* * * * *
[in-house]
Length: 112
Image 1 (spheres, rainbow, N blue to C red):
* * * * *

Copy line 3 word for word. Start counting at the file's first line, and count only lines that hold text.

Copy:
Image 1 (spheres, rainbow, N blue to C red):